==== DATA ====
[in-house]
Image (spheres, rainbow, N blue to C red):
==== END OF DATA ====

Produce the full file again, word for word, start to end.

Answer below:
[in-house]
Image (spheres, rainbow, N blue to C red):